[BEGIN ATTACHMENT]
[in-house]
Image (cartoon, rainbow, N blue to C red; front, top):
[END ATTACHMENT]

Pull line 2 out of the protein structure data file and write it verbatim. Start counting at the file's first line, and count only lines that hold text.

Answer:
Image (cartoon, rainbow, N blue to C red; front, top):